"I therefore rest satisfied, and thank God that my lot is to be an American farmer" –J. Hector St. John de Crevecoeur, Letters from an American Farmer (1782).
“The Freeman’s Oath offers a fresh plot about a national treasure in a way that’s so subtle that it gets lost in the colorful array of historical richness, reminding the reader that our lives are just chapters in much longer stories”–INDIE BOOK REVIEW.
Meet Jonathan Gray, 27, a struggling Boston rare book dealer. The accidental death of his parents three years ago has him casting about, trying to uphold his father’s bookselling legacy. Meanwhile, Jessie, the one girl Jon has ever loved—whom he dumped with spectacular quickness after his parents’ death, but who can blame a guy stunted by grief?—has suddenly reappeared. Jon’s in trouble. He needs to grow up, fast, or lose everything. When an old customer shows up with a long-lost and exceedingly puritanical document, the Oath of a Free-man, the hope of a huge sale gives Jon one chance to save his father’s business and redeem himself.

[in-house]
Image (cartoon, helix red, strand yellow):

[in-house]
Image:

From the reviews: